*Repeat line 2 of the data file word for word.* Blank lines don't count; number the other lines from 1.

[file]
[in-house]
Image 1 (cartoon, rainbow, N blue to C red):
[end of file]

Image 1 (cartoon, rainbow, N blue to C red):